Since then, I’ve been contacted by a few people who have noticed a ring of steel has been thrown around May, largely by his own friends. Techno stalwarts are determined to make sure nothing negative is said about their favourite person in the world, even when numerous allegations of sexual assault swirl around Mr May.

Some of the aforementioned stalwarts run their own Facebook groups and so on where their fans can congregate and talk about the matters of the day – so long as that matter doesn’t involve Derrick May, of course. Anything on that subject quickly gets removed, and the person who raised the issue is usually shouted down by a hate mob who the stalwarts do nothing to dissuade.

Why are so many of those in dance music’s higher echelons so willing to remain silent on these matters? Is it because they think it would damage their own position by speaking out? Or is it that they really are a bunch of misogynistic, opportunistic pricks who’ll say and do anything to get ahead in the world?

I’m really starting to wonder.

Kristen Knight and a shot in the foot?

This post might get a bit of a backlash, but I feel there are some things that need to be said here. Firstly, here’s what Kristen Knight posted on her Instagram page on Tuesday.

Who’s Kristen Knight, you might ask? A pretty talented DJ, as it happens. She’s the girlfriend of Roger Sanchez and has been for quite some time. She is also the woman who alleged that Erick Morillo raped her in December 2019 – and before anyone points out there are laws against identifying the victims of rape, she identified herself as the person in question a while ago.

Incidentally, given what I’ve learnt from looking quite extensively into Erick Morillo after his death, I happen to be in absolutely no doubt that her allegations are true. I just feel sad that she won’t get to see him squirm in court.

She posted on Instagram that “I was just removed from a line up because I’m the survivor of sexual assault by a famous person”.

The lack of information here is a problem. She could well be telling the truth here – but how can anyone verify this? I want to believe her, but this kind of post doesn’t help anyone. If you’re going to “put someone on blast”, to use the modern expression, you’ve got to be prepared to go all out, all guns blazing.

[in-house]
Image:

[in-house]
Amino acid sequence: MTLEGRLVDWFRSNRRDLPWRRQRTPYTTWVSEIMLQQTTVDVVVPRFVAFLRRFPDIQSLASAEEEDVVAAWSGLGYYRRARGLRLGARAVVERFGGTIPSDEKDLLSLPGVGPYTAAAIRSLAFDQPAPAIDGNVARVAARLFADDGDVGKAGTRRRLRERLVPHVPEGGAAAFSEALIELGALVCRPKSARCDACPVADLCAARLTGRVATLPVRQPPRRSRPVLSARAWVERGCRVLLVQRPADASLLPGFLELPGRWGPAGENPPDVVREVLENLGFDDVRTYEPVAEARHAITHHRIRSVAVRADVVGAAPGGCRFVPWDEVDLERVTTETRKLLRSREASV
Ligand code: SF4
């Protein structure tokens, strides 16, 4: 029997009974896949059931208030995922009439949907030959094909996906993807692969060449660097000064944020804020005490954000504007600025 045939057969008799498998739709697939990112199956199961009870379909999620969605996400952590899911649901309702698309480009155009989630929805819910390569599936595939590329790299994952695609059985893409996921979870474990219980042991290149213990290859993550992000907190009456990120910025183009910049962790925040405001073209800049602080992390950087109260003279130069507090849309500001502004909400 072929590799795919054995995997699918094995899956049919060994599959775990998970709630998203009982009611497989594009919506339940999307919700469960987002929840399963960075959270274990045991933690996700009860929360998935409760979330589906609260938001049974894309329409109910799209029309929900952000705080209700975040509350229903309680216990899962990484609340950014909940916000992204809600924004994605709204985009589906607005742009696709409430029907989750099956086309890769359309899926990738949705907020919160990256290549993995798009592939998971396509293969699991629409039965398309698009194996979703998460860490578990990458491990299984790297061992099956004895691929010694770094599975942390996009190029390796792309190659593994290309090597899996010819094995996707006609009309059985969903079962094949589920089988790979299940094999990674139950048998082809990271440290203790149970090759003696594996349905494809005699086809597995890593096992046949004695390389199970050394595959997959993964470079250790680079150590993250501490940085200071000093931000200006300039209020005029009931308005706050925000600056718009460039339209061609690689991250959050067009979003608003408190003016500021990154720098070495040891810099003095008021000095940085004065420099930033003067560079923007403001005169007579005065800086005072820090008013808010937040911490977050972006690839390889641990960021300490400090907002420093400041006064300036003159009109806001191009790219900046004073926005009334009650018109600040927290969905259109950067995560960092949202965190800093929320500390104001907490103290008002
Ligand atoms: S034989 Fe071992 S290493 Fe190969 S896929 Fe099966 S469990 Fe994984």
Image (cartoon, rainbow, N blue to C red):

This vagueness is no good. Not only do we not know who it actually is, but the eye of suspicion will be on all the clubs that have booked here for future appearances – and given that Covid-19 had made drastically restricted clubbing for the foreseeable future, there won’t be much to narrow down.

As much as I sympathise with the terrible crime that Knight was a victim of, I can’t help but worry that this will just make things worse. Clubbing is slowly becoming less male dominated, but this is a process of evolution rather than revolution. That’s not necessarily right, but that’s how humanity tends to proceed.

This just looks like a shot in the foot. And unless details are forthcoming soon, that blood splatter is going to get bigger.

Derrick May and when to know you’re beaten

On the Amateur At Play Facebook page last year and now on here, I wrote many posts about the increasingly pathetic, desperate attempts by Derrick May to salvage something from the ruins his career is in following the allegations of sexual impropriety that surround him.

I was hoping that he’d eventually crawl under a rock in shame. So was Michael James, the brilliant journalist who has exposed many of the claims against him. No such luck. Derrick May and Kyle J Dupuy, Detroit’s answer to Lionel Hutz, are pursuing a defamation case against James, and are not giving it up.

At least not until May’s money starts to run out, eh? Rumours are that could be sooner than the man himself thinks.

Anyway, if you fancy a laugh, take a look at his legal defence. Apparently, this man who has spent over 30 years making heaps of money as an international DJ, who has conducted endless numbers of interviews across newspapers, radio, TV and online, is now a private person.

You couldn’t make this up if you tried, could you?

Derrick May – victim or colossal bellend?

Up until now, I decided not to bother giving Derrick May’s utterly pathetic response to the allegations surrounding him any more air. But one or two things have changed since then.

Firstly, here’s his frankly ridiculous statement…

“As a black man working in a white-dominated and openly biased industry, am I expected to have learned the painful lesson that there is no such thing as truth, fairness, or due process.

When will the long, storied history of weaponizing the sexuality of African American men end? Must I collaborate under duress with my own victimization at the hands of an openly hostile press that amplifies the so-called fears of privileged, anonymous women in an internet-mediated lynching?

I have no interest in legitimizing these distortions. Women are the conduit of life, and as such, are to be protected, and not exploited.

I live by those words.”

My thoughts? I think it’s extremely telling that he’s replying to these allegations himself. Normally with these kinds of matters, the person accused says nothing and lets a legal firm handle it. Then again, when you’re using a Mickey Mouse solicitor who costs buttons because you’re broke, I don’t suppose you have a choice in these matters.

I’m leaving the last word on this post to a black producer and friend who I’m quoting here with his permission, albeit anonymously.

“Do you know what, I think his defense is f*****g disgusting. No two ways about it. I mean, weaponizing the sexuality of African American men? I’ve got African American blood, it’s in my history. It looks to me like he’s saying because he’s black, he can do what the f**k he likes. The guy is a total f*****g c***.”

Hard to disagree…